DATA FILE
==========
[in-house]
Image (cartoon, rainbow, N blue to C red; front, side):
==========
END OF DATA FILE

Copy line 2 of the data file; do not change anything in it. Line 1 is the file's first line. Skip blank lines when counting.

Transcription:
Image (cartoon, rainbow, N blue to C red; front, side):